TBT – The Beatles Gave Us the Future with “I Want You (She’s So Heavy)”
Editor’s Note: This week, Throwback Thursday looks at a piece of music that is important for a number of reasons. We will look at some of those reasons here. As usual, The Beatles were ahead of their time. That is one of the reasons they were so great: consistency. That’s one reason the band has sold between 600 million and one billion records to date.
The Beatles do not necessarily come to mind when one thinks of blues, or metal music. Sure, they approached blues and dabbled with blues on occasion, but it was not a clear staple of their body of work. Songs like “For You Blue,” “One After 909,” “Yer Blues,” and “Dig A Pony” were certainly blues inflected, as is “Don’t Bring Me Down.” As to metal music, there is a definite argument to be made that “Come Together” was a precursor to the metal sound that Black Sabbath and others would come to embrace, and expand upon.
There are a number of reasons that “I Want You (She’s So Heavy)” is special. For starters, this is the last time that all four lads would be in the studio together. This was also the last song mixed for the Abbey Road album. In one of the first instances of the use of a Moog synthesizer, George Harrison plays one that was built specially for him. There are only 14 different words sung throughout the song’s duration. Apart from the 8’22” “Revolution 9,” “I Want You…” is the next longest playing song in their catalog at 7’47”.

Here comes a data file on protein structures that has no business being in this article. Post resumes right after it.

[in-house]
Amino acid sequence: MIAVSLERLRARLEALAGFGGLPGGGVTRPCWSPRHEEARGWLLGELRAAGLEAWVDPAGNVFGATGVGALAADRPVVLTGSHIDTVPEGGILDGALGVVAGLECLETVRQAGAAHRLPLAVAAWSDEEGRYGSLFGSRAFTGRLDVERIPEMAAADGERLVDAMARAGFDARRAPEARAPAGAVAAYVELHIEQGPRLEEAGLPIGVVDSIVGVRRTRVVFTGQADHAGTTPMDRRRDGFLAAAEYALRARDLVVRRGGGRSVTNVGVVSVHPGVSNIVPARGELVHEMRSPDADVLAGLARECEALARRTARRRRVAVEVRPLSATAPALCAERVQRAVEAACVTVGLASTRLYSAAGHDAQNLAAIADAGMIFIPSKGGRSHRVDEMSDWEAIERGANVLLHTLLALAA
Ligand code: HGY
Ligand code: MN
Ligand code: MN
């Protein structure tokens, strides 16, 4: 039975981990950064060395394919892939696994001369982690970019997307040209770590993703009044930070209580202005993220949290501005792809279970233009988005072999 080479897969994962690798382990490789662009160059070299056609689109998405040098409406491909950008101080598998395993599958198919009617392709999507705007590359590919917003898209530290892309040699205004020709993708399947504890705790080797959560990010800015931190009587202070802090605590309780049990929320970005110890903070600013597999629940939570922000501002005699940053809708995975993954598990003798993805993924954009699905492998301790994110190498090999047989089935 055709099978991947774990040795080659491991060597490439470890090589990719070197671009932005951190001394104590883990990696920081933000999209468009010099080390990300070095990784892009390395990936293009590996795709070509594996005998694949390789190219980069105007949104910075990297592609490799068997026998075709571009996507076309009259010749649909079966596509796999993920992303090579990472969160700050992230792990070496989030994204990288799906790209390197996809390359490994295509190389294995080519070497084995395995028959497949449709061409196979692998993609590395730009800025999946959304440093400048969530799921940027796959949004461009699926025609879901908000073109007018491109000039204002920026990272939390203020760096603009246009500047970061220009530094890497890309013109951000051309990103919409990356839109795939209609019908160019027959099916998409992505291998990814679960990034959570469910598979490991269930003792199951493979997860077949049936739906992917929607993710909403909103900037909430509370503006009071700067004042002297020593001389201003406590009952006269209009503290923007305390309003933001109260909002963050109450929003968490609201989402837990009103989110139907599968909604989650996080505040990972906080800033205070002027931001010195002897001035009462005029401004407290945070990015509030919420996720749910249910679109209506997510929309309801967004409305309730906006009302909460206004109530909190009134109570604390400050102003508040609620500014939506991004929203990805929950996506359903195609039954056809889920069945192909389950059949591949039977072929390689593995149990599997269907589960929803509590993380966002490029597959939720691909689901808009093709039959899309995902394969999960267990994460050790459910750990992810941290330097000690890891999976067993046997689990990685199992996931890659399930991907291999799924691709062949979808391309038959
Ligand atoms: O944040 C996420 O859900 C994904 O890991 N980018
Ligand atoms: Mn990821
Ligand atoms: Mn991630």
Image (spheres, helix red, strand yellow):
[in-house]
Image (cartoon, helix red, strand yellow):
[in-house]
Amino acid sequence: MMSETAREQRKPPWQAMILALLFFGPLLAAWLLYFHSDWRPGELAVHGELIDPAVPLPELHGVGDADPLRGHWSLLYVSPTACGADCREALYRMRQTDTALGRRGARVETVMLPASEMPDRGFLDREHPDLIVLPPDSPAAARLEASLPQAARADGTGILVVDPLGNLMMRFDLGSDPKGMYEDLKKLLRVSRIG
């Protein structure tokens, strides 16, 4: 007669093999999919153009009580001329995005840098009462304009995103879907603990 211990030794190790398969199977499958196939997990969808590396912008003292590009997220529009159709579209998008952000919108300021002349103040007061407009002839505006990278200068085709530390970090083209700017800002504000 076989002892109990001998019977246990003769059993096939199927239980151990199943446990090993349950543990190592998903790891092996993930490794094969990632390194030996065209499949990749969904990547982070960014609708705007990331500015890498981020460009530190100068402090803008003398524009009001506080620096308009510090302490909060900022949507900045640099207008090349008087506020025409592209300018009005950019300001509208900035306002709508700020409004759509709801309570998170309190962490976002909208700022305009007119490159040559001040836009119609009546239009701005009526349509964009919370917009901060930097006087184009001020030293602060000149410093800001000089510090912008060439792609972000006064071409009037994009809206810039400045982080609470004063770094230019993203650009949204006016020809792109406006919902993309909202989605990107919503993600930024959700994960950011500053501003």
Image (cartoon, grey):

Written by John Lennon, although credited to both he and Paul McCartney, Lennon had said that it was about Yoko Ono. There are several aspects of the work that make it interesting. There are multiple time changes throughout the piece, including 6/8 and 4/4. The arpeggiated D minor guitar theme adds to the tension and “gloom” of the piece.
Certainly the guitar work by Lennon and Harrison is deeply persuasive, and the bass lines that McCartney play are brilliantly progressive and groundbreaking. This piece is deep, dark, brooding, creating tension even as it stockpiles pent up desire, despair, and longing, searching for resolution and release.
“I Want You (She’s So Heavy)” may not be blues in the “purest” sense, but it is an absolutely pioneering, fearless, forward looking performance.
You can find this song on the classic Beatles album, Abbey Road, as it closes out side one. As you revisit this work, remember that it is before Black Sabbath, The Scorpions, Rush, Metallica, and even before Robin Trower’s Bridge of Sighs. This is a truly remarkable work of art. Share it with a friend. It’s only right.